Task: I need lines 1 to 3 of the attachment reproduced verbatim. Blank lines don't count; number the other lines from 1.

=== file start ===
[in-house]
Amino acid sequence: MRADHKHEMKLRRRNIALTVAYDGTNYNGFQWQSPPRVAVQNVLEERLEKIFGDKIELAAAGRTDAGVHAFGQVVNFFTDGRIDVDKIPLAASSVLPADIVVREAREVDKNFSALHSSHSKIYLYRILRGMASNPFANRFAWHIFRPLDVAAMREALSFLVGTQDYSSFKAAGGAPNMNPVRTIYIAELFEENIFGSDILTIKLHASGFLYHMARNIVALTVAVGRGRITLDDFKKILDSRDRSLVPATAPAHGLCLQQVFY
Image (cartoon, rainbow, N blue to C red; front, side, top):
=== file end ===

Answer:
[in-house]
Amino acid sequence: MRADHKHEMKLRRRNIALTVAYDGTNYNGFQWQSPPRVAVQNVLEERLEKIFGDKIELAAAGRTDAGVHAFGQVVNFFTDGRIDVDKIPLAASSVLPADIVVREAREVDKNFSALHSSHSKIYLYRILRGMASNPFANRFAWHIFRPLDVAAMREALSFLVGTQDYSSFKAAGGAPNMNPVRTIYIAELFEENIFGSDILTIKLHASGFLYHMARNIVALTVAVGRGRITLDDFKKILDSRDRSLVPATAPAHGLCLQQVFY
Image (cartoon, rainbow, N blue to C red; front, side, top):